The National Secular Society found that 59 out of the 142 Islamic schools that accept girls have a compulsory hijab policy. Hijab refers to Islamic standards of modesty, but is being used in the articles summarised below specifically to refer to the hair-covering practice of girls. Three of the schools which require hijab receive state funding. The National Secular Society opposed these school polices and say it is duty of the British government to protect the liberty of these students.
The organisation wrote a letter raising concerns about this issue. The letter is co-signed by feminists from “Muslim backgrounds, ” including activist Sara Khan and journalist Yasmin Alibhai-Brown.
The Bradford Council for Mosques responded to this finding saying that wearing the hijab should not be compulsory for school uniforms. Spokesman Ishriaq Ahmed said, “People should have choices without the fear of being criticised…No child should be forced to do anything.”
The controversy over required hijab in dress codes follows closely after a controversy over allowing girls to wear hijab. The Sunday Times surveyed primary schools in England and found that 20% of primary schools “allow the hijab” in their uniform policies.
Gina Khan, a Birmingham children’s rights advocate, criticised the policy, saying, “Schools…need to support Muslim girls to have free choices, not to be set apart from other children.”
On the other side, Toby Howard, the Bishop of Bradford and an inter-faith leader, said, “this is a matter of religious identity not sexualisation.” The concern about sexualisation arises from the practice of starting to wear a headscarf post-puberty. But Howard noted that is not necessarily the case, as girls may choose to where the headscarf to “look like their mums.”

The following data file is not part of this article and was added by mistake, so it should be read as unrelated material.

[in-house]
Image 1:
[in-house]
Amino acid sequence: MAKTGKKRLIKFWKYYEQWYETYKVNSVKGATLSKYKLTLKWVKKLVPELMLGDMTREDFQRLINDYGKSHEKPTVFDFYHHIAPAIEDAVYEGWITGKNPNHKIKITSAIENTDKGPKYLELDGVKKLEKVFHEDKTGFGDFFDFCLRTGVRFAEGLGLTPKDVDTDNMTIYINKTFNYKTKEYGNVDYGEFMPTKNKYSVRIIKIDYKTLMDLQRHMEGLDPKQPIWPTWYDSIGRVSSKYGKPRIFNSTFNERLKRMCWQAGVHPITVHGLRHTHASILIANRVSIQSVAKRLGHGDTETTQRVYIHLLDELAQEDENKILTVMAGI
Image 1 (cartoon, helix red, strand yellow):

CHICAGO — Nation of Islam Minister Louis Farrakhan on Sunday called on blacks nationwide to curb economic disparities by cutting back on excessive spending, pooling resources and investing in land — an action plan he laid out during a three-hour speech at the movement’s annual Saviours’ Day convention.
The 79-year-old leader has often used the annual keynote address — part sermon, part lecture — to discuss current events and politics on a national platform, particularly after the election of the nation’s first black president. But Farrakhan focused most of his new message on the Nation of Islam followers in the audience.
“Even though one of our own has reached the highest pinnacle of the American political system, his presence has not, cannot and will not solve our problems,” Farrakhan told the crowd of men wearing navy uniforms and women dressed in white shirt suits and matching hijabs.
Roughly 10,000 people attended the convention at the University of Illinois at Chicago, an event that drew followers from around the globe and capped off three days of workshops.
The Nation of Islam has more than 1,500 acres of farmland in Georgia. Ishmael Muhammad, the religion’s national assistant minister, told The Associated Press that the group is looking to buy thousands more acres in the Midwest.
JERSEY CITY, N.J. — The men and women in crisp U.S. military uniforms walked in close formation through the bustling, traffic-choked streets, passing women in full Muslim hijab, sari-clad Indian mothers pushing strollers, worshippers heading to an Egyptian Coptic church, and small shops with signs in Arabic, Hindi, Korean and a dozen other languages.
It wasn’t a tour of duty overseas, but a field trip to Jersey City, just 60 miles down the Hudson River from the U.S. Military Academy at West Point, N.Y.
The city of 250,000 is one of the most ethnically and religiously diverse places in America, and the West Point cadets are visiting as part of a class at the academy on peacekeeping and reconstruction called “Winning the Peace.” The class ends in a three-day crash course designed to make the future officers — and, ultimately, the soldiers under their command — more sensitive to cultural differences.
The program is in its eighth year but has taken on new urgency as the Army deals with the fallout from a string of embarrassing episodes in Afghanistan, including reports of U.S. soldiers posing with the bloody remains of suicide bombers, urinating on Afghan corpses and burning Muslim holy books.